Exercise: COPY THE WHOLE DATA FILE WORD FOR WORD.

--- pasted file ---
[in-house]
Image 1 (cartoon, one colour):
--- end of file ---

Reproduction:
[in-house]
Image 1 (cartoon, one colour):